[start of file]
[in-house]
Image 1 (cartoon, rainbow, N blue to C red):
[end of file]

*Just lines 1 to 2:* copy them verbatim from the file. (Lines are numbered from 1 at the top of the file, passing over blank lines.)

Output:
[in-house]
Image 1 (cartoon, rainbow, N blue to C red):